Every Tuesday, discriminating viewers are confronted with a flurry of choices: new releases on disc and on demand, vintage and original movies on any number of streaming platforms, catalogue titles making a splash on Blu-ray or 4K. This twice-monthly column sifts through all of those choices to pluck out the movies most worth your time, no matter how you’re watching.
The big-ticket items on disc this week include a trio of late-2022 awards hopefuls, but that’s not all that’s worth seeing: last year’s Palme d’Or winner is on Hulu; a film noir classic, and ‘80s cult fave, and a couple of ‘90s action hits land on 4K; and a pair of vintage genre movies appear under an unexpected label. But first up, we have a 4K upgrade for the biggest franchise of the 1980s:
PICK OF THE WEEK:
Rocky: The Knockout Collection: There’s a new Creed in theaters, and even though it’s oddly Rocky-free, you can’t blame Warner Brothers for taking the opportunity to give the first four films in the franchise the ol’ 4K upgrade. Taken together, they’re a fascinating snapshot of a series (and its figurehead) in ongoing transition. The Rocky movies were popular, which often translates to “influential,” but these films followed trends rather than setting them – its first two entries are in the moody, character-driven style of ‘70s cinema (even as their feel-good endings were subverting those norms), while Rocky III and especially Rocky IV lean into the bombast of ‘80s movies, the latter seeming to owe more to the previous summer’s flag-waving Rambo: First Blood Part II than anything in the Balboa canon. On one hand, it’s a dispiriting experience; it’s like you’re watching Sylvester Stallone choose, in real time, to be a movie star rather than an actor (and the first Rocky is an indisputably great piece of acting, as evidenced by his deserved Oscar nomination for the job). But as a social and cultural document, you can’t beat it. (Includes the new Rocky vs. Drago: The Ultimate Director’s Cut version of Rocky IV, hour-long documentary on its making, audio commentaries, featurettes, behind-the-scenes footage, and trailers.)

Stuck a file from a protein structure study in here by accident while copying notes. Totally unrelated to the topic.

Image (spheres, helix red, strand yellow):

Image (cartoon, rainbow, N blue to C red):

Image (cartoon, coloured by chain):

Magic Mike XXL: Presumably pegged to the recent release of Magic Mike’s Last Dance, Netflix is streaming the follow-up to Steven Soderbergh’s surprise smash; this was during his “retirement” (lol), so Soderbergh returned solely as cinematographer and editor, handing directorial reins to longtime associate Gregory Jacobs. It has the looseness and we-know-it’s-a-gratuitous-sequel-but-who-cares spirit of Soderbergh’s Ocean’s 12, up to and including a heist movie premise: getting the gang back together for one last big score (in this case, the big stripper convention in Myrtle Beach). But in contrast to such pictures, the stakes are decidedly low, and that’s just fine – this is a movie about hanging out with your friends and having a good time, a road movie with a gentle, warm spirit (and a welcome dose of the female gaze).
ON AMAZON PRIME:
The Magnificent Seven: Antoine Fuqua may not have a great Western in him – but he’s got a great Western hero at the center of this one, and that might be good enough. Denzel Washington made sturdy honor and quiet determination such a cornerstone of his onscreen persona for so long, it’s sort of shocking he’d never mounted up before; he’s an excellent choice to front this remake of John Sturges’s 1960 classic (itself a riff on The Seven Samurai), heading up an engaging ensemble of ne’er-do-wells (including Chris Pratt, Ethan Hawke, Vincent D’onofrio, and Byung-Hun Lee) out to stop evil Peter Sarsgaard. It doesn’t all hold together, and it’s certainly no match for the original(s). But it’s an entertaining diversion, and Washington shows an ease in the genre that’s downright John Wayne-ian.